Specifically, rather than ponying up more money for the MTA, or just blaming the MTA and doing nothing, New York City could limit MTA passes to those traveling more than 10 miles, and means test that benefit as well, to take virtually all children off the trains and buses. And it could use federal stimulus money to purchase one million simple one-speed bicycles, set of for transportation with mid-width tires, solid 36-spoke wheels, fenders for rain, bells, and detachable front and rear lights. It could, as well, purchase one million helmets, one million reflective vests, and one million locks. The purchases could be made direct from the producers (all in China for the bicycles) with no retail mark-up, and rented out to those who need them at a nominal cost.

Additional federal stimulus money could be used to install bike racks at the schools. Perhaps in the portion of the schoolyards members of the UFT don’t already use for parking. After all, once the budget cuts really get going, it is likely that gym and sports, following art and music, after school help and summer school, will be eliminated anyway. Volunteers could be recruited to teach some of the children how to ride on the street. Those children could teach other children. Volunteers, as well, could teach some of the children how to maintain and do basic repairs on bicycles. Those children could teach others. This, as well, would provide an educational message for the children: they will need to form new institutions to help each other, because older generations are destroying older organizations while helping themselves.

Up to ten miles the children, tens of thousands, could be told that if they want to attend a school they cannot walk to, they will have to ride to it, in all weather, regardless. Get tough or die. In addition to being cheaper, and feasible even in an era of institutional collapse, having the children walk or bicycle to school would ensure they would get some exercise even as gym and school sports are eliminated. It could thus be used to offset some of the health damage from cuts in health care for children and young adults.

But the big payoff would come later. The question New York City has to answer is “how can we have a viable, high density city with a mass transit system that, for the next 20 to 30 years, will be degrading as maintenance is cut, services are cut, long promised improvements aren’t made, and money is diverted to past debts, pensions and retiree health care?”

The answer is the bicycle. It would allow millions of New Yorkers too poor to un-influential for private automobiles (ie. they don’t have public space to park their cars reserved for them by placard) to get around without using mass transit either. And millions of others to ride to whichever subway line happened to be operating at a particular time, and continue their trip from there. By substituting bicycles for mass transit in the schools, the city would be training the next generation to get by without mass transit, and the city could continue to function, because its low-wage workforce could get to work and elsewhere.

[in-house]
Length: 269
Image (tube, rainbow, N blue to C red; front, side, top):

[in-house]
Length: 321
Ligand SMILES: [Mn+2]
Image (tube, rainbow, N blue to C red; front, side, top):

Of course there is one downside to tens of thousands of children bicycling to school. Given the “right to drive” as one pleases that so many feel, and the inherent danger large, heavy, fast motor vehicles present, we are bound to lose a few. This, however, would unlikely to present a significant political problem in New York, where the Administration for Children’s services is always cut first and deepest in each fiscal crisis, and we always lose a few. Perhaps pedestrian and cycling advocates could acknowledge each child death by sending a bottle of Champaign to the State Assembly, the State Senate, the TWU, the UFT, and of course former Governor Pataki and former MTA head Conway, to symbolize our acceptance that (in the words of a former TWU labor leader commenting on a successful negotiation) they “took all there was to take.”

Despite this risk, I seriously believe it is time to force younger generations to face the future as it will be for them, and not just in transportation. Older generations will no doubt want to continue to rationalize, and the elimination of school passes might make it a challenge, but I’m sure they’ll manage. Perhaps they’ll even get hyped up in outrage that the little bastards are getting bicycles, and demand that the formality of proving “medical need” for electric wheel chairs under Medicare be dropped, and the government pay for the electricity as well, to make things fair.

No matter. Those who actually care should take this opportunity to help the next generations to move on, and find a viable way to move in a still viable city. And bicycles are one way they will be able to do so. Because they are cheap, and those who ride them do not retire at 55.